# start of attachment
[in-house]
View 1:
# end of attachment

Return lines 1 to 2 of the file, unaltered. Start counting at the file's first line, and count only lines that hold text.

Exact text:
[in-house]
View 1: